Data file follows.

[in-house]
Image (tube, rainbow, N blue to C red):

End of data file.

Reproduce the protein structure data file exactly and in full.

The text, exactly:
[in-house]
Image (tube, rainbow, N blue to C red):